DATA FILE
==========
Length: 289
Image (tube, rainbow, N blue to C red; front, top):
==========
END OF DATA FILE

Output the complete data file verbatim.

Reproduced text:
Length: 289
Image (tube, rainbow, N blue to C red; front, top):